In the pages of Cahiers du cinéma during the 1950s, Bazin's realist aesthetics were embraced by François Truffaut (1932–1984), Eric Rohmer (b. 1920), Jean-Luc Godard (b. 1930), Jacques Rivette (b. 1928), Claude Chabrol (b. 1930), and others as a discourse of film authorship, mise-en-scène, and Hollywood. They invested themselves in the cinema by means of a highly personalized style of writing, praising films and directors that, as Metz puts it, were designated as "good objects." Other films, such as those of the French cinema, were derided as poor excuses for filmmaking. The real auteurs were those who expressed themselves in terms of images.

The Cahiers critics articulated their excessive cinephilia in phrases such as "tracking shots are a question of morality" to refer to both Hiroshima, mon amour (1959) and the cinema of Sam Fuller (1912–1997) (Hillier, ed. Cahiers , p. 62). Rossellini's cinema constituted "a state of mind" (ibid., p. 203); Nicholas Ray (1911–1979), according to Godard, "is morally a director, first and foremost," "one cannot but feel that here is something which exists only in the cinema" (ibid., p. 116). Rivette claimed that "what justifies CinemaScope in the first place is our desire for it" (ibid., p. 276).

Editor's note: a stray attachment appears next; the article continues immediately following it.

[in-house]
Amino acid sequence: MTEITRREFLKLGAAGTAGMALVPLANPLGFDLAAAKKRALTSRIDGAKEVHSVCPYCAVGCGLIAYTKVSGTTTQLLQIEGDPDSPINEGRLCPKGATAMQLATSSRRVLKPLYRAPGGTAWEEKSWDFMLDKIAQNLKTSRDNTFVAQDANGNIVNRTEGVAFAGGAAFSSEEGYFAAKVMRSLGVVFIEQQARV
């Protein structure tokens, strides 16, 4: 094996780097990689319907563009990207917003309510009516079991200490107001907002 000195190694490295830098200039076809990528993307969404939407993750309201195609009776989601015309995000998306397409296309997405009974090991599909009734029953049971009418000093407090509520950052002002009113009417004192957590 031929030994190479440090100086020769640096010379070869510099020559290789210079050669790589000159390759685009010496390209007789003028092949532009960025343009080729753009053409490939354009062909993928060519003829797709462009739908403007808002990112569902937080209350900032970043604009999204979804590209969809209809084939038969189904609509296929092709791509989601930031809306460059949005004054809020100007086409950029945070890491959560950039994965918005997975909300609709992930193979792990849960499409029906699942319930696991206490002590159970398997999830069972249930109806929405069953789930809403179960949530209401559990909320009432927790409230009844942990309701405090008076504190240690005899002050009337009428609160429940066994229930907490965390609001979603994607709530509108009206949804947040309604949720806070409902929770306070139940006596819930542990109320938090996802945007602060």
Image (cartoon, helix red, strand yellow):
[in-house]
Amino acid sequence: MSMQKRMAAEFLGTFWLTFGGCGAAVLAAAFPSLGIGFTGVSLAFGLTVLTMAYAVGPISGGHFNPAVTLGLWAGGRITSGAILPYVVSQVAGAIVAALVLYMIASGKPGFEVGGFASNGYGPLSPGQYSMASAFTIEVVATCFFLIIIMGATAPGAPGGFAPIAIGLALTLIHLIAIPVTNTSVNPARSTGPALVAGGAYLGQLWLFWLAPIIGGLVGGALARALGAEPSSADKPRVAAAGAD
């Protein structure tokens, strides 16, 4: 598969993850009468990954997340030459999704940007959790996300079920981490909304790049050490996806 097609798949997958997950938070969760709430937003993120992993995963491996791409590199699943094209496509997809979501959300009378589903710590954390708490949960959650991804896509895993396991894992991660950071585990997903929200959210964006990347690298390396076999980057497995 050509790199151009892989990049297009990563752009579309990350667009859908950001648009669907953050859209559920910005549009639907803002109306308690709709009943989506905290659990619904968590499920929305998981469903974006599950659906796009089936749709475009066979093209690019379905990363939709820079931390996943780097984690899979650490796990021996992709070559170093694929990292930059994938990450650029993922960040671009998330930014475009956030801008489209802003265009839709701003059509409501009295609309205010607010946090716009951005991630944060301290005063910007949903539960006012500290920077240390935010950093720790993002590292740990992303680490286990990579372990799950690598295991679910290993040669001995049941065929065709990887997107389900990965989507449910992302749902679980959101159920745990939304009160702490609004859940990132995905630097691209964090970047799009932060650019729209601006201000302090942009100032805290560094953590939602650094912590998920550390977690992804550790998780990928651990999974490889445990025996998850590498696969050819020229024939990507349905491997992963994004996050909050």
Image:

The cinephilia of the Cahiers critics set in motion some of the key paradigms of film studies scholarship, including, most crucially, auteurist criticism and the canon of masterpieces on which the discipline was founded. While their project was, on one level, to supply the cinema with a critical vocabulary and pantheon that would align it with the other arts, it was a project that also recognized the specificity of the cinema as a commercial medium. Their embrace of the American cinema, through the key figures of Nicholas Ray, Anthony Mann (1907–1967), Sam Fuller, and Fritz Lang (1890–1976)—alongside Orson Welles and Alfred Hitchcock (1899–1980)—entailed a reading of Hollywood as a modernist enterprise. The Cahiers critics were, in many instances, writing about cinema "against the grain" of its studio-based generic formulas.

While there is little agreement or consensus within the film-critical community about what "cinephilia" really means, a recurring theme is the idea of excess. More specifically, cinephilia may be a kind of excess that resides on the level of detail, which is "caught" by a viewer for whom it opens up a subjective relation to the text. In fact, this notion of cinematic experience can be linked to a variety of critical discourses and theoretical frameworks, including some of the theories developed by Roland Barthes (1915–1980) (the punctum and the "third meaning") and Walter Benjamin (1892–1940) ("unconscious optics" and flânerie). The cinephile in this sense is the viewer who is slightly distracted from the filmic text and yet entranced by moments that exceed the text and take him or her elsewhere.